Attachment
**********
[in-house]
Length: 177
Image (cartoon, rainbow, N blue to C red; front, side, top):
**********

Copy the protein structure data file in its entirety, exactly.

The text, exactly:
[in-house]
Length: 177
Image (cartoon, rainbow, N blue to C red; front, side, top):